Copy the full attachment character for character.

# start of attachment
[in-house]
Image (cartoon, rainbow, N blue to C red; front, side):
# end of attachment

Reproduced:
[in-house]
Image (cartoon, rainbow, N blue to C red; front, side):